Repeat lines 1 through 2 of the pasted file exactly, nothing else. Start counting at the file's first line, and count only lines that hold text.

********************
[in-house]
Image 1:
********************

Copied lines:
[in-house]
Image 1: